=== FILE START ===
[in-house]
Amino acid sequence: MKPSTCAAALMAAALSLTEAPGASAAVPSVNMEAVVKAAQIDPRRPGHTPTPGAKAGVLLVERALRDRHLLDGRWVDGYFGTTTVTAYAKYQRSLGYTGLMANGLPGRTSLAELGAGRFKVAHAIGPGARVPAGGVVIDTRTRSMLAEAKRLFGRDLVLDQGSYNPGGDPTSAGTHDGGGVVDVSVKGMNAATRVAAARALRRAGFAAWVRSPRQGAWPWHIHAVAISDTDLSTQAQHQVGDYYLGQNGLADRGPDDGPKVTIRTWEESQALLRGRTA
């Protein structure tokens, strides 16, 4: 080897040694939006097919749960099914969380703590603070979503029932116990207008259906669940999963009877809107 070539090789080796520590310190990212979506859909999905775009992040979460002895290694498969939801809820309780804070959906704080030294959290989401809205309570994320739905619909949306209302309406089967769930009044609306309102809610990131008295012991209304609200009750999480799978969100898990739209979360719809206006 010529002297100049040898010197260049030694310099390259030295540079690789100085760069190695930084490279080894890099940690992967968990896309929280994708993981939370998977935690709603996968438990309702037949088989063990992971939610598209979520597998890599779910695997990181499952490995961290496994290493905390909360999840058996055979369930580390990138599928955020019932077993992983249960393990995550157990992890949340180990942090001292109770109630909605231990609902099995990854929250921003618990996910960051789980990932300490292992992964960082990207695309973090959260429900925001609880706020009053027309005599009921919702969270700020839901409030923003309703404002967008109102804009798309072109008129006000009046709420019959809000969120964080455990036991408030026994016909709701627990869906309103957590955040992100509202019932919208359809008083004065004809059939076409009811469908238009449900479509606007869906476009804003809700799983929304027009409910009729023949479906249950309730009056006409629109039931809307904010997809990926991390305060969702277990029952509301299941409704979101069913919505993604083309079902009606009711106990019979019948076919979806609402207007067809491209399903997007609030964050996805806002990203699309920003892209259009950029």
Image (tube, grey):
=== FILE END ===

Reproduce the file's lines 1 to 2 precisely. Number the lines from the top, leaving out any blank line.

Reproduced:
[in-house]
Amino acid sequence: MKPSTCAAALMAAALSLTEAPGASAAVPSVNMEAVVKAAQIDPRRPGHTPTPGAKAGVLLVERALRDRHLLDGRWVDGYFGTTTVTAYAKYQRSLGYTGLMANGLPGRTSLAELGAGRFKVAHAIGPGARVPAGGVVIDTRTRSMLAEAKRLFGRDLVLDQGSYNPGGDPTSAGTHDGGGVVDVSVKGMNAATRVAAARALRRAGFAAWVRSPRQGAWPWHIHAVAISDTDLSTQAQHQVGDYYLGQNGLADRGPDDGPKVTIRTWEESQALLRGRTA